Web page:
Fresh projects keep my mind engaged

Recently, I’ve been working on a fantasy sports application which has allowed me to utilize new tools and ideas.  Although the core application is still in a beta/development phase, the process of which I’ve been apart has been unique.  Being the sole developer, I’m able to push new tools and techniques into the design and application,including MV* javascript frameworks such as Backbone.js.

Javascript applications have always enticed me, although once upon a time, I was rather anti-javascript.  This thought or notion, although a distant memory, resonated deep within me and I was adamant in keeping javascript use to an absolute minimum.  The first time I ever used anybit of javascript was around 1996, in the form of pop-ups.  When a user would happen upon my website, I would prompt them to enter in their name and in so doing, I was able to carry their name throughout my website (in the form of cheezy greetings).  Other common uses of javascript included simulated ‘weather’ (falling snow), form-validation, annoying graphics that followed the pointer, and more clunky uses.  Around this time, Flash was gaining momentum.  Everyone wanted the animations, the embedded sound effects, and the ‘flashy’ness flash presented.  I do was intrigued and taught myself the basics of flash in 1999.  I created a 3 minute website intro, surprisingly similar to a lot of videos you see today actually… The text would fly into and out of view, lens flares would highlight the words, and objects would move around the screen, telling a story.  Flash seemed to take over and soon, a lot of websites were converting their entire site over to flash and this practice carried for years it felt.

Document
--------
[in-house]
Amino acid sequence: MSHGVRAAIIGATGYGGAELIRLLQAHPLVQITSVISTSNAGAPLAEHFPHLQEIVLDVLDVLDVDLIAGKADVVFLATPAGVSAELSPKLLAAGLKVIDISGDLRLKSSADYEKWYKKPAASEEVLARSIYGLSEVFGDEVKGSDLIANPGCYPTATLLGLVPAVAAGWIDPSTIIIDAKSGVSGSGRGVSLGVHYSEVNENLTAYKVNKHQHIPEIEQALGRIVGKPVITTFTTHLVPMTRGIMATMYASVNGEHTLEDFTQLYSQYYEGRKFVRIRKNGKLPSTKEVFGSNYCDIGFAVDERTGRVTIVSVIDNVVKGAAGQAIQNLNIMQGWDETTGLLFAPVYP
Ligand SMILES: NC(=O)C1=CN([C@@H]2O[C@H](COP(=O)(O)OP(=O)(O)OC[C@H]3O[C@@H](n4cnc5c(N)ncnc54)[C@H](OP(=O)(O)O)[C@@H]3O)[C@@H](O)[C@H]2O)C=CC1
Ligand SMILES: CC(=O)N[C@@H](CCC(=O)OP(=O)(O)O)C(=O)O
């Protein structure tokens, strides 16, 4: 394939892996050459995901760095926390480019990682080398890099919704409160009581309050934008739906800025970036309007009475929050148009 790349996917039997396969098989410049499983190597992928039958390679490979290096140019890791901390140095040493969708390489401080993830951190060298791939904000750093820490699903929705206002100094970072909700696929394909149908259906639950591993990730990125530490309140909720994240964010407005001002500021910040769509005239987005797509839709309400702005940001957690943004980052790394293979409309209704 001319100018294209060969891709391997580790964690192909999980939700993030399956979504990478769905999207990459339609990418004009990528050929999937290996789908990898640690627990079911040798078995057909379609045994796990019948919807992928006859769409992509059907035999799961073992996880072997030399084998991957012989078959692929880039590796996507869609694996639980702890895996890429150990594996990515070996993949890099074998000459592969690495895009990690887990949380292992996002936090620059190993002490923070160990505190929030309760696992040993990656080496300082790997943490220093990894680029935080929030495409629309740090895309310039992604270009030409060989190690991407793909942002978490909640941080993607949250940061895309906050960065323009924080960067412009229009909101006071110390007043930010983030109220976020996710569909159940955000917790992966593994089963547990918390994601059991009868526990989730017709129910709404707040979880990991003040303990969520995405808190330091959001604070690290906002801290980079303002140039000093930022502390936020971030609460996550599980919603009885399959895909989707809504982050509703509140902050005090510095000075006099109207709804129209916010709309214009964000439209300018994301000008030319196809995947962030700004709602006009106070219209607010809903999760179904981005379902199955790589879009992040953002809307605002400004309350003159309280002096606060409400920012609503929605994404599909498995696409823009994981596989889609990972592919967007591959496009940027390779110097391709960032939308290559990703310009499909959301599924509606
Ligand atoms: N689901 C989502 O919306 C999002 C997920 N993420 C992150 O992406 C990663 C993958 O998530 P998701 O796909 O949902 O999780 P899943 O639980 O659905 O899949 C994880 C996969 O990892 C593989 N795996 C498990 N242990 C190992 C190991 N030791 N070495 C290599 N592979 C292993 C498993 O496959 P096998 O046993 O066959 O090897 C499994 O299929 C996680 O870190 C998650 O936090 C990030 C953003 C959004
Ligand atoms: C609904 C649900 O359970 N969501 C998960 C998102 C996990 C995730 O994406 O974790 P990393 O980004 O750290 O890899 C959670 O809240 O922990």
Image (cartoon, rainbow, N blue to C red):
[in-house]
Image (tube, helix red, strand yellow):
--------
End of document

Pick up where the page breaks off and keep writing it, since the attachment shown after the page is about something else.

The greatest drawback, to me at the time, in basing the entirety of your website around flash or javascript, was the assumption the user had flash installed or javascript enabled.  I know my parents didn’t do either as they were under the assumption to install something like flash just to view a site was shady and likely malicious intent would ensue.  Because javascript contained the word ‘script’ this too created hesitation in terms of keeping javascript disabled.  As a developer, I saw this a lot actually which caused me to steer clear from Flash and Javascript almost entirely.  When I would use javascript, it was for minor UX.

Fast forward to last year – single-page javascript applications had taken over and javascript MV* frameworks where commonplace.  I’ve enjoyed being able to “revisit” javascript and am excited in continually learning new javascript methods and techniques.  This project will allow me to keep my sleeves rolled up and get crazy with my ideas and capabilities.